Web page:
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Misinformation about George Floyd protests against waves of social media



On Twitter, Mr. Soros was mentioned in 34,000 tweets related to Mr. Floyd’s death last week, according to Dataminr. According to an analysis by The New York Times, over 90 videos in five languages ​​have been published on YouTube in the past seven days, mentioning Soros conspiracies.

72,000 posts on Facebook mentioned Mr. Soros last week, up from 12,600 a week earlier, according to the Times’ analysis. Of the 10 most engaging posts about Mr. Soros on the social network, nine contained false conspiracies that linked him to the unrest. Together they have been shared over 110,000 times.

Two of the best Facebook posts sharing Soros conspiracies came from the Texas Agriculture Commissioner. Sid Miller, a pronounced follower of Mr. Trump.

“I have no doubt that George Soros is funding these so-called” spontaneous “protests,” Miller wrote in one of the posts. “Soros is purely evil and absolutely wants to destroy our country!”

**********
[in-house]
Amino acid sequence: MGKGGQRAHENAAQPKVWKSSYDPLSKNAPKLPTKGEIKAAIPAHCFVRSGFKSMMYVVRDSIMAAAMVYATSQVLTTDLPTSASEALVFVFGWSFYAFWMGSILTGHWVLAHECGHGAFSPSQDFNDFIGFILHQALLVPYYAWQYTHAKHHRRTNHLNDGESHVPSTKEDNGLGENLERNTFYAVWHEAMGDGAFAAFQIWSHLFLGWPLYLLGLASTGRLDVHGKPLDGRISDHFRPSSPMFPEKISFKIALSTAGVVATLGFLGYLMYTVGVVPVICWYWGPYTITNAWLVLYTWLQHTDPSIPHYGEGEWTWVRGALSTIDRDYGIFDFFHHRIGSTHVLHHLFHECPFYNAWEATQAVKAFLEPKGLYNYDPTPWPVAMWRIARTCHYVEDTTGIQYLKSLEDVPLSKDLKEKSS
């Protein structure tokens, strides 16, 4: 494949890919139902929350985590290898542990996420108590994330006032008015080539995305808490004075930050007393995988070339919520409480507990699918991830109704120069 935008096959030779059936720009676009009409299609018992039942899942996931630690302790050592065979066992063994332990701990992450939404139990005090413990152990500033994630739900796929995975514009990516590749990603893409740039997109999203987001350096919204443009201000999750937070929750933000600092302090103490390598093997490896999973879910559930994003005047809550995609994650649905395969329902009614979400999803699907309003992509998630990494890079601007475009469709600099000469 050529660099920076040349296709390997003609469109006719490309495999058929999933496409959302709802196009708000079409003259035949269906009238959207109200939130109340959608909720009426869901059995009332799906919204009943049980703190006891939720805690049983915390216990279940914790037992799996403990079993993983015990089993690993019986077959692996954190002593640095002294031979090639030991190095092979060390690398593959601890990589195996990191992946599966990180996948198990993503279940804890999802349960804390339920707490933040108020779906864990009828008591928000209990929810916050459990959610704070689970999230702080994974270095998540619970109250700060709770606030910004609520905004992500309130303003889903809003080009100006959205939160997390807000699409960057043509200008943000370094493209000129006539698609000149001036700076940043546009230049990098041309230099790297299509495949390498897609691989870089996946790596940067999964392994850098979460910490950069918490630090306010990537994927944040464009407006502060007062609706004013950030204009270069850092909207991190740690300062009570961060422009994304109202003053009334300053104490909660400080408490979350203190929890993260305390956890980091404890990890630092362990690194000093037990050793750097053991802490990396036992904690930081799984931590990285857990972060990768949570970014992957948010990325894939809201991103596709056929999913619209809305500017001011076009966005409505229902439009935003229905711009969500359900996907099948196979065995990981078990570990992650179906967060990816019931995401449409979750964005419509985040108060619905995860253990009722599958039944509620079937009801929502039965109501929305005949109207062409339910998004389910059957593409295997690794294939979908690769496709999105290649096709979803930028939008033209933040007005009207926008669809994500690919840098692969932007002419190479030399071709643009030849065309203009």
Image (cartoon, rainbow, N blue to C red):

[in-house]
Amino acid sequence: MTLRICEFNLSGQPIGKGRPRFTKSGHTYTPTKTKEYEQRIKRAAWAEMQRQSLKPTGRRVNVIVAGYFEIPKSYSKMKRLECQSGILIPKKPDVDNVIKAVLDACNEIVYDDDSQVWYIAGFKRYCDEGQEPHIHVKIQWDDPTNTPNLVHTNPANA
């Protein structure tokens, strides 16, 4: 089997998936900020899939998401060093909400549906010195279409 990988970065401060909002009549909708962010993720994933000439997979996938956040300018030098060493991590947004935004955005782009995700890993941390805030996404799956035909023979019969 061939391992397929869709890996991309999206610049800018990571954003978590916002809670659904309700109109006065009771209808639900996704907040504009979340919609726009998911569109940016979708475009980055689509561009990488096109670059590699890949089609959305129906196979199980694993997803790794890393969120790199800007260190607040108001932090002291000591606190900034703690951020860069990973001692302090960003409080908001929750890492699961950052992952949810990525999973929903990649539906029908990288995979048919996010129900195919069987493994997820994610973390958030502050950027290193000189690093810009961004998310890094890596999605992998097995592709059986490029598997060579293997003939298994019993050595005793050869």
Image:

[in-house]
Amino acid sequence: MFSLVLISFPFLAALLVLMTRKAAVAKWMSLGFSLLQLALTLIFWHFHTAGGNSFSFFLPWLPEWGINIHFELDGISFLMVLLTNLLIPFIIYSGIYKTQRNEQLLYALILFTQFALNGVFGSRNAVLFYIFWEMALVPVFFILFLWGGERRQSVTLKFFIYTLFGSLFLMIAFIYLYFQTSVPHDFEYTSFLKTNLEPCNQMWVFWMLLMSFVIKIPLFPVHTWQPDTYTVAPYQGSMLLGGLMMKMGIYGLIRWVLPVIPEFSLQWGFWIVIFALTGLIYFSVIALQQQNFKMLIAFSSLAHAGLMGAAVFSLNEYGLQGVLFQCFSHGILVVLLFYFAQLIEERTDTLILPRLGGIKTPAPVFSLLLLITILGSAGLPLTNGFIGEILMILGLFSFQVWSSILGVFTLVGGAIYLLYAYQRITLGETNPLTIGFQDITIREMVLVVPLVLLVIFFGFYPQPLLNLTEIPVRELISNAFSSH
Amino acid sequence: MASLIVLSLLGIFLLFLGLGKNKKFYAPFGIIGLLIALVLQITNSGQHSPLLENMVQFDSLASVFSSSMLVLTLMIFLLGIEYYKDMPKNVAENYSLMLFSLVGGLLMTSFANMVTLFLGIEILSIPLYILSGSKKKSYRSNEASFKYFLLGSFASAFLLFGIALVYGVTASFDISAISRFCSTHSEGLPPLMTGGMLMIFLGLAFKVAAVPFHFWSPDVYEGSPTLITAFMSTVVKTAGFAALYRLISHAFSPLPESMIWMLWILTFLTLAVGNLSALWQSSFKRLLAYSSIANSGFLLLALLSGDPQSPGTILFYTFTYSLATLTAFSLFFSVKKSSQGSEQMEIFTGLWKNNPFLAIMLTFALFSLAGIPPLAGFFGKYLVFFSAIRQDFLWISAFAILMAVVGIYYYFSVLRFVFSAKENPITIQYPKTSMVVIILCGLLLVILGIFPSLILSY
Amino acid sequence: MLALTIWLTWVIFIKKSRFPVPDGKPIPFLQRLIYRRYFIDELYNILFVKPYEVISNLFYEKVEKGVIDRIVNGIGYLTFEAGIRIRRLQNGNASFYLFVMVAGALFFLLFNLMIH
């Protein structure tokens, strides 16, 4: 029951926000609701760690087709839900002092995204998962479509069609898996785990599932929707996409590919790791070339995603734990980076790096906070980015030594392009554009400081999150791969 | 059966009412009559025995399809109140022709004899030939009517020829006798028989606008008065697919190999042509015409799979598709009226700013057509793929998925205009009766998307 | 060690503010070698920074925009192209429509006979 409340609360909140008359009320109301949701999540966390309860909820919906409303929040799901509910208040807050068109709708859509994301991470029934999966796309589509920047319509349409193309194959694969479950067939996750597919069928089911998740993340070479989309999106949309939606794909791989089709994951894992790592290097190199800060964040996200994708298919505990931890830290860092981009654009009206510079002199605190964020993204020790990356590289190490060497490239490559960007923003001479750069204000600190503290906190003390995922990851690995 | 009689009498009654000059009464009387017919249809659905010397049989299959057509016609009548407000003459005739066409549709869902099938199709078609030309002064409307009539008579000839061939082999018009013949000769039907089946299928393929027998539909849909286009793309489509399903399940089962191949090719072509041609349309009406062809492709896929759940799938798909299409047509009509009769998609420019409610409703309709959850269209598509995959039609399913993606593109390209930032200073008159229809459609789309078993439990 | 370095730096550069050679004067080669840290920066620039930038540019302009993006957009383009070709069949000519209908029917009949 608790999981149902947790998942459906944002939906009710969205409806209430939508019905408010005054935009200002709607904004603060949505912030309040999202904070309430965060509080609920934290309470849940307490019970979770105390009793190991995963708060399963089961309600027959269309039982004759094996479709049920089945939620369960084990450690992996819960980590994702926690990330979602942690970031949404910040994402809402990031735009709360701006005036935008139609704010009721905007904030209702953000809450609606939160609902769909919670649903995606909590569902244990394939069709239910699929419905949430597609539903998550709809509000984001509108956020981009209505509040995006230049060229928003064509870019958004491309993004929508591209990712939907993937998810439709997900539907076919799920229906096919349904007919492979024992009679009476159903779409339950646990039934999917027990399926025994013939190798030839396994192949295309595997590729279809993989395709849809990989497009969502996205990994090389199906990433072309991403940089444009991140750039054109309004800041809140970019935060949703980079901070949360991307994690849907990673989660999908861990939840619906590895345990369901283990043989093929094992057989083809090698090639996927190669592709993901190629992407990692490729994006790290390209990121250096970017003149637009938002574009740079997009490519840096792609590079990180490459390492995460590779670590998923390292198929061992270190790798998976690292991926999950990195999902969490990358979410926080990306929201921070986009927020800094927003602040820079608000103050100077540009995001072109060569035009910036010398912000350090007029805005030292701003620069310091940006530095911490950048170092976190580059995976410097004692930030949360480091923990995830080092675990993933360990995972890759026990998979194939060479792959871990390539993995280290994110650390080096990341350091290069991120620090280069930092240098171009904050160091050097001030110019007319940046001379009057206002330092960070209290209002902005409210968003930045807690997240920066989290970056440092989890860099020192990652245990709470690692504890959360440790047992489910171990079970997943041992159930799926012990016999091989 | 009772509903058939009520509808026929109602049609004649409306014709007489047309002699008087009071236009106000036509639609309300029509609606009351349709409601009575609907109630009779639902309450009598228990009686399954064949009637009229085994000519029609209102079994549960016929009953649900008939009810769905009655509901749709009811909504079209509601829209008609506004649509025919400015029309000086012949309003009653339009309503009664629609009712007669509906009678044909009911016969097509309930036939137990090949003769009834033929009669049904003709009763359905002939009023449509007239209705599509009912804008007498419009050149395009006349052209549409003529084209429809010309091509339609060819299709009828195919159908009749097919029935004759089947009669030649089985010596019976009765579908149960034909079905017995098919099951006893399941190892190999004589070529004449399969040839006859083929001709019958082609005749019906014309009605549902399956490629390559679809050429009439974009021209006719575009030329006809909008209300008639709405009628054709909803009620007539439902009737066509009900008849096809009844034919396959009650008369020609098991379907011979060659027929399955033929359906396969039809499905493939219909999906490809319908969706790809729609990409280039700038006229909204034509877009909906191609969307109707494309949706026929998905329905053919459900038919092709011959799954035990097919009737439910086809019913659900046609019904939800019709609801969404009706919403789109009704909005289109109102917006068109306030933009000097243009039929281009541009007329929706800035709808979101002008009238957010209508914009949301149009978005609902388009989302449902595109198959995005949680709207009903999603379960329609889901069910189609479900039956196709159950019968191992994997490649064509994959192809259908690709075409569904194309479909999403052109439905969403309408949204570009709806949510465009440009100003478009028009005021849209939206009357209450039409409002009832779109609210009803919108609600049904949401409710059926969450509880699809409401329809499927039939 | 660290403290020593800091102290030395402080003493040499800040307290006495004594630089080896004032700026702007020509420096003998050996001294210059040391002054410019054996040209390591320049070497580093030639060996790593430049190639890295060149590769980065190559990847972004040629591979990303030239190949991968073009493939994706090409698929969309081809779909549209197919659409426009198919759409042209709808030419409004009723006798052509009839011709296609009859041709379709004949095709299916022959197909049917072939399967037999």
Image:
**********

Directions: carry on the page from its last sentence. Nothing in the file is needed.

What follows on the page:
Mr. Miller did not immediately respond to a request for comment.

Farshad Shadloo, a YouTube spokesman, said the Soros conspiracy videos did not violate the company’s guidelines, but the website did not recommend them.

A spokeswoman for Mr. Soros said, “We regret the misconception that the people who take to the streets to express their fear are paid for by George Soros or anyone else.”

The unsubstantiated theory that Antifa activists were responsible for the riots and looting was the largest protest misinformation pursued by Zignal Labs that dealt with certain categories of falsehoods. Of 873,000 misinformation related to the protests, 575,800 were mentioned by Antifa, according to Zignal Labs.


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